In Mænd af Ære, little honour is thus accorded the ‘liberal’ mind. The free-love relationship is revealed to be an illusion cynically exploited by men. The sarcasm is strident, and the modern men are portrayed as sheer parody. The glaring contrasts are in the spotlight – no mixed palette, no forbearing humour.
Emma Gad’s Et Sølvbryllup, on the other hand, is a comedy. The ingredients are the same as those in Mænd af Ære – infidelity and double standards – but it is all brought down to an everyday level, so no one dies from it. On the contrary, extreme reactions are headed off through laughter. In both generations represented on stage the men have had their little digressions, but not to the extent that it really matters. The mother, who insists on ‘purity’, is nonetheless too indolent to throw down the gauntlet when it comes to the crunch. The ‘amazon’ of the play, an uncompromising woman who advocates feminist ideas, is the only fleshed-out character type, but so much the more ridiculous in her prudishness and narrow-minded conviction of her own ‘purity’ and excellence. And the young woman of the piece – well, she is indifferent to all the slogans, as long as she gets to marry the man she wants, even though his past is a little ‘blemished’.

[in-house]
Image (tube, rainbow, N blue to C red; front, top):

Emma Gad’s comedy often punctured the self-important rhetoric. Here, in Et Sølvbryllup (1890; A Silver Wedding):
“Miss Møller: Look at the corrupted manners!
Pastor Mathiesen: And look at the subversive doctrines of science!